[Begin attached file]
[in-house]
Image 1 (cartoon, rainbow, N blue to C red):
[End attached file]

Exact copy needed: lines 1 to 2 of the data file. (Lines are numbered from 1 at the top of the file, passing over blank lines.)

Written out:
[in-house]
Image 1 (cartoon, rainbow, N blue to C red):